Before the system proper starts up, there are two important things we must do. First, we need to mount the cloop image, load whatever modules the CD-ROM needs, then find and mount the CD. Next, we install the cloop device and mount the inner filesystem on it. Second, we create a ramdisk for the root filesystem and copy the root_fs.tgz image from the CD into it.
We use the initrd (initial ramdisk) support to create a mini root filesystem that the kernel mounts and runs before the real init starts. This is a gzipped filesystem. When a kernel with initrd support is booted with the command line initrd=filename, it loads the contents of that filename and creates a ramdisk out of it. It then starts running the /linuxrc file in that ramdisk.
When linuxrc has finished, it uses the pivot_root call to change onto the real root directory, which was /ramdisk, and executes the real init.
The initrd and the kernel together need to be small enough to fit in 1.44MB of RAM with all the other files on the boot image. This is not a lot of space, as GNU libc alone is about 1,200K, we're going to have to be pretty creative.
Even if you've never wanted a Linux PDA or an in-car MP3 jukebox, you now have a reason to be grateful to embedded Linux hackers. We're going to use Busybox and dietlibc to get our quart into the proverbial pint pot. Busybox is a small shell that can be configured at build time to include many common utilities as built-ins, and dietlibc is an alternative C library optimized for small size. By happy coincidence there turns out to be a Busybox applet for everything we need on the initrd, and by statically linking with dietlibc we can get all this into about 100K. For comparison, the same Busybox options statically linked against glibc get a 500K executable.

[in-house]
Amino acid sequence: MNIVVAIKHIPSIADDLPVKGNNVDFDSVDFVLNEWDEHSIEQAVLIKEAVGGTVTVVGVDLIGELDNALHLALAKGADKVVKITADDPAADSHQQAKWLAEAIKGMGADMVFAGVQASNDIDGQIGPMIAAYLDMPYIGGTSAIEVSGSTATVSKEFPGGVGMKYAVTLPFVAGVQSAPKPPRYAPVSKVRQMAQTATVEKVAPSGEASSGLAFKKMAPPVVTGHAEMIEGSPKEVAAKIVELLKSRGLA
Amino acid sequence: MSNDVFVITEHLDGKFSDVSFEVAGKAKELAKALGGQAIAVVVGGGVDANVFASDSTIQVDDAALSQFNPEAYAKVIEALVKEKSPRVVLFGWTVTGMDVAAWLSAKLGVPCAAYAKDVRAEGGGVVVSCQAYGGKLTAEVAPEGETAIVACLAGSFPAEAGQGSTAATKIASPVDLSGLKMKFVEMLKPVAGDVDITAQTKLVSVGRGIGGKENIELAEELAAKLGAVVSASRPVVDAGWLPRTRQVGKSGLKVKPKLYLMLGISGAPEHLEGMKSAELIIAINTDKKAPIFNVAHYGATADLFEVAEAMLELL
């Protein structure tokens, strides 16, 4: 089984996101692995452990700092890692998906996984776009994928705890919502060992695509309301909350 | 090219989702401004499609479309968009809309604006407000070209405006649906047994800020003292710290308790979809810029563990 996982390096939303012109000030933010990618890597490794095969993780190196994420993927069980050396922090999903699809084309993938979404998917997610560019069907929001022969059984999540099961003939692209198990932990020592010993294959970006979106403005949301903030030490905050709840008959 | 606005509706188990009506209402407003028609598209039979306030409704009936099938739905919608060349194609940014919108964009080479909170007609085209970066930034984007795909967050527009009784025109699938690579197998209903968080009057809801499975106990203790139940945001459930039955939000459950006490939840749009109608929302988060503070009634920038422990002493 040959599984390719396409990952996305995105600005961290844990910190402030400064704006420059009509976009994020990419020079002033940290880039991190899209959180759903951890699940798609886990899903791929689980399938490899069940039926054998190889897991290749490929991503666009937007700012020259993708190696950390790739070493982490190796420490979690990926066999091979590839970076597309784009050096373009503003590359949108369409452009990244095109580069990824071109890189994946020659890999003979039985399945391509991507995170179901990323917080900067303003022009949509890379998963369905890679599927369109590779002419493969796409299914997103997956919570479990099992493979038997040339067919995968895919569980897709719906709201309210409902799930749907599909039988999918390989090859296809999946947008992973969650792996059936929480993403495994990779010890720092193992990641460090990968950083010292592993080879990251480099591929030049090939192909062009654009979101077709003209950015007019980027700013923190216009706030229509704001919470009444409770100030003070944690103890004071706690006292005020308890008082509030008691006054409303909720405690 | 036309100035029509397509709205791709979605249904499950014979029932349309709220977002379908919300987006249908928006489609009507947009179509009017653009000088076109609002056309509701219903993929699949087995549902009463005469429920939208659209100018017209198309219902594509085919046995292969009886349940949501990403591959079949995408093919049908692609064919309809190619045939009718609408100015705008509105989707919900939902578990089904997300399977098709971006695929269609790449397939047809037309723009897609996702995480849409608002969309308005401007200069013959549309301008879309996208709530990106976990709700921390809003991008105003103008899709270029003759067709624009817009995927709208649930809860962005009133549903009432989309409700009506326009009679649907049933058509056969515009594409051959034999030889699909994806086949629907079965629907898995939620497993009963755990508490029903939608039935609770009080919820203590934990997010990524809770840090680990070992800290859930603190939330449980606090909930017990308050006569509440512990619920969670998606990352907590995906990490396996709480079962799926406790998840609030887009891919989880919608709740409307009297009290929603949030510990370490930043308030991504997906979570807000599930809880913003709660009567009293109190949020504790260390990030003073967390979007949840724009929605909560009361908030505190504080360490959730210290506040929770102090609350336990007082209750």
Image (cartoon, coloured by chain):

Applets for Busybox are enabled using #defines in its Config.h file (in the tarball). Some of the disabled options may seem rather arbitrary, but when you already have a choice of echo * and tar cvf /dev/null to list the current directory, ls really is a luxury.
We create the initrd using genext2fs, avoiding the need for a loopback mount. This generates an ext2 filesystem from a directory tree, which we gzip and copy into the boot floppy image (Figure 1).
Practical Task Scheduling Deployment
July 20, 2016 12:00 pm CDT